Slugger hopes game-winning home run jump-starts his season
CLEVELAND -- Up until the 10th inning of Thursday's tilt with the Angels, Nick Swisher had been burdened by bad luck. First, he got stuck in traffic on his way to the stadium, throwing off his usual routine. Then he went 0-for-4 with three strikeouts, including a well-hit ball to the warning track in the ninth that died in the wind and could have won the game.
But with the bases loaded, two outs and his team down two, Swisher got just enough of an Ernesto Frieri fastball to push it up and over the right-field wall to give the Indians a 5-3 win.
"When I first hit it, I was like, 'All right, that's a double,'" said Swisher, still beaming after his late-game heroics. "Next thing you know, I'm like, 'Just get to second, bro, as fast as you can.' And then, next thing you know, it went out.
"Man, I flipped my bat. Me and [first-base coach] Sandy [Alomar Jr.], we were going crazy. It was just awesome, man."
Indians walk-off grand slams
Sandy Alomar Jr.
*Since at least 1955
For the second time in five days, Swisher was responsible for a game-winning home run in extra innings, having hit an 11th-inning solo shot against the Red Sox in Sunday's 3-2 victory. The grand slam was just his third hit since returning from the DL last Thursday.
"He hasn't gotten a lot of hits, but it seems like the hits he's gotten have been huge," Indians manager Terry Francona said.
Swisher has been a part of six walk-off hits in his 11 seasons in the Majors, including four home runs, but this was his first grand slam to end a ballgame. He is not, however, the only active Indians player to accomplish the feat: Carlos Santana and Jason Giambi can both claim walk-off slams.
Santana vividly recalls the elation he felt after his game-winning slam, which came during his first full season with the team. His shot gave the Tribe a 9-5 win over the Tigers on April 29, 2011,
"That was the most emotion I've had in my life," Santana said. "Grand slam. It's the best in baseball. That was my favorite moment. ... If I have a chance, I want to do it again, because it's the best."
Giambi hit his walk-off grand slam for the Yankees back on May 18, 2002. It came in the 14th inning of a wild five-hour, 45-minute shootout with the Twins and gave New York a 13-12 victory. Travis Hafner was the last Cleveland player to hit a walk-off slam, pulling the trick against the Blue Jays in a 5-4 victory on July 7, 2011.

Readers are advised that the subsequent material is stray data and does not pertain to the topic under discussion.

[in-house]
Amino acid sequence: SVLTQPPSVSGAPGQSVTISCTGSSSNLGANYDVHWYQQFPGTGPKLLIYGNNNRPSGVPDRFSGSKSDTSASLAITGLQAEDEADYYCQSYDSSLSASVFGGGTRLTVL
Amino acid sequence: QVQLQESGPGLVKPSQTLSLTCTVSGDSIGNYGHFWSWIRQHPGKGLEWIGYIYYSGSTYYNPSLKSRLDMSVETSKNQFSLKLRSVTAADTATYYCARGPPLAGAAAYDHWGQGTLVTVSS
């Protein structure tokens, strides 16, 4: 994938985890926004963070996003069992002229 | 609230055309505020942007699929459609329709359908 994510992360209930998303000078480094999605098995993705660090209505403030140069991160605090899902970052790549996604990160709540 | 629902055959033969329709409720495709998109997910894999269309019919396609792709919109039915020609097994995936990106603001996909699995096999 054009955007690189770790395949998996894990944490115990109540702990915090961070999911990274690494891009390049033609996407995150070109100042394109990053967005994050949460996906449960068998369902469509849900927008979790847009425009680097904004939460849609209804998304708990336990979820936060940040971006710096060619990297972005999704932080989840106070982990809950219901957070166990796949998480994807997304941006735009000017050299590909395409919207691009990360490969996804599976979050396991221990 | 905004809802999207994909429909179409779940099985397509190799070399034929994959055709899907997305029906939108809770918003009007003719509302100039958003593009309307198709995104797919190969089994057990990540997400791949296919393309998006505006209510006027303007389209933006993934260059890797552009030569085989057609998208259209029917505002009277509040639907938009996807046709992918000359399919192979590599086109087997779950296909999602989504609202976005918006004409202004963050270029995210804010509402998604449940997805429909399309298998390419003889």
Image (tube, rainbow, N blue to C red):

"Any walk-off is incredible," Giambi said. "To hit a home run in that situation is incredible."
As rare as a walk-off grand slam may seem, the exploit has occurred relatively often. Since 1950, the feat has been accomplished more than 170 times, including former Indians Carlos Martinez in 1992 and Don Dillard in 1962. Swisher's blast was the first by a Cleveland hitter at Progressive Field.
Swisher's recent display of power in high-leverage situations stands in contrast to the rest of his season, which has been characterized by a remarkably slow start at the plate -- .200 with five homers through 55 games -- and the aforementioned knee injury. But there is plenty of faith among the Cleveland clubhouse that the switch-hitting veteran can regain his usual offensive rhythm.
"As long as he's healthy, which he is, he'll get [hits]," Francona said of Swisher. "He started out this way last year. The average might be a little lower because of his slow start, but he'll still impact us offensively."
Perhaps his first walk-off grand slam could even spark the turnaround.
"I love being in those spots," Swisher said. "Either one of two things are going to happen. Either you're going to get a hit and be the hero, or youre going to be the goat. One of the two. It was nice to come out on top and be the hero tonight."
Alec Shirkey is an associate reporter for MLB.com.